Unicorn and streaming in Rails 3.1

Xavier Noria fxn at hashref.com
Sat Jun 25 18:23:34 EDT 2011

On Sat, Jun 25, 2011 at 10:16 PM, Eric Wong <normalperson at yhbt.net> wrote:

> Basically the per-connection overhead of Unicorn is huge, an entire Ruby
> process (tens to several hundreds of megabytes).  The per-connection
> overhead of nginx is tiny: maybe a few KB in userspace (including
> buffers), and a few KB in in the kernel.  You don't want to maintain
> connections to Unicorn for a long time because of that cost.

I see. I've read also the docs about design and philosophy in the website.

So if I understand it correctly, as far as memory consumption is
concerned the situation seems to be similar to the old days when
mongrel cluster was the standard for production, except perhaps for
setups with copy-on-write friendly interpreters, which weren't
available then.

So you configure only a few processes because of memory consumption,
and since there aren't many you want them to be ready to serve a new
request as soon as possible to handle some normal level of
concurrency. Hence the convenience of buffering in Nginx.

>> in the use case we have in mind in
>> Rails 3.1, which is to serve HEAD as soon as possible.
> Small nit: s/HEAD/the response header/   "HEAD" is a /request/ that only
> expects to receive the response header.

Oh yes, that was ambiguous. I actually meant the HEAD element of HTML
documents. The main use case in mind for adding streaming to Rails is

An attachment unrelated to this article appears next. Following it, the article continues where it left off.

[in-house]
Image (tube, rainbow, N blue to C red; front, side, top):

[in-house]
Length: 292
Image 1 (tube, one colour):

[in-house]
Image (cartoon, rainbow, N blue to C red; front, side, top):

to be able to send the top of your layout (typically everything before
yielding to the view) so that the browser may issue requests for CSS
and JavaScript assets while the application builds an hypothetically
costly dynamic response.

> nginx only sends HTTP/1.0 requests to unicorn, so Rack::Chunked won't
> actually send a chunked/streamed response.  Rails 3.1 /could/ enable
> streaming without chunking for HTTP/1.0, but only if the client
> didn't set a non-standard HTTP/1.0 header to enable keepalive.  This
> is because HTTP/1.0 (w/o keepalive) relies on the server to close
> the connection to signal the end of a response.

It's clear then. Also, Rails has code that prevents streaming from
being triggered if the request is HTTP/1.0:


> You can use "X-Accel-Buffering: no" if you know your responses are small
> enough to fit into the kernel socket buffers.  There's two kernel
> buffers (Unicorn + nginx), you can get a little more space there.  nginx
> shouldn't make another request to Unicorn if it's blocked writing a
> response to the client already, so an evil pipelining client should not
> hurt unicorn in this case:


Thanks Eric!

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